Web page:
Many of the sojourners got their boats out and immediately got their camp gear from the gear truck and set up their tents. Then, they got a shower at the Schuylkill River Heritage Area. At the Schuylkill River Heritage Area, some people were lucky enough to get a sneak-peek at the new SRHA Interpretive Center, which will be an awesome resource for the community once it opens to the public in the near future. SRHA Executive Director Kurt D. Zwikl said the center, which is basically a visually stunning information center, will hopefully get more people down to the river and engaged in the natural recreational resources the river and the Schuylkill River Trail provide.
After everyone had a chance to get fresh and clean, dinner provided by Bause-Landry Catering in Pottstown was served. (The vegetarian enchiladas were amazing, by the way).
After dinner, Barbara Kosciewicz, a friend of mine who teaches yoga at High Street Yoga in Pottstown (and has a great blog that is featured on The Mercury's TownSquare of bloggers) gave a great yoga instruction in Riverfront Park.
It was pretty awesome sitting on the Ronald C. Downie Amphitheater with the Schuylkill River just yards away from us as we took some time to relax and stretch our well-worked muscles.
Sojourners partake of a meal on the trip.
Photo by Jayne O'Hare
After yoga (which we managed to get through without too many raindrops) the musical entertainment began.
Sullivan's Bridge (find them on Facebook by clicking here) set up under the Rotary Pavilion in Riverfront Park and gave an awesome performance. Although a few people got out their chairs to sit and listen to the music, by the end of the night most everyone was on their feet dancing away.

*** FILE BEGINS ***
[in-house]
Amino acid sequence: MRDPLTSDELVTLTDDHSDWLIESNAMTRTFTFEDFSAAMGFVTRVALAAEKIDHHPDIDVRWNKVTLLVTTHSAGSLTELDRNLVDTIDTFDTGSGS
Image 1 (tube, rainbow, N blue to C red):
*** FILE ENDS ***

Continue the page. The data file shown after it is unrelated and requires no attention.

A very lively lady named Fran Griffin who came all the way from Springfield, Mass., to participate in her second Schuylkill River Sojourn, quickly got everyone up and moving. She can officially be credited for starting the first conga line in Schuylkill River Sojourn history. We all weaved in and out of tents, bopping along to the music and having a grand old time.
Which, brings me to a final lesson learned on my first day on the sojourn.
I think this lesson can only be truly learned when you experience it first-hand. I assure everyone who goes on the sojourn and sticks it out for at least one full day that you will experience it.
This lesson was best put into words by Lori Cole and Nora Haefele, two ladies who were in the group dancing around as everyone listened to music Tuesday night.
Photo by Jayne O'Hare
Nora told me she signed up solo for the sojourn after only ever paddling on lakes. Lori has past sojourn experience.
Standing next to one another, nodding and clapping along to the music, they summed up my final lesson for the day, and perhaps the most important lesson yet, in two sentences.
"You come here alone, but you don't leave alone," Lori said, acknowledging that Nora had come out for the sojourn without a group to join her.
"And this is like my new family now," Nora said.
And the whole family danced.

Sojourners will launch from Pottstown's Riverfront Park on Wednesday morning and head to Victory Park in Royersford for a lunch stop before continuing on to Mont Clare.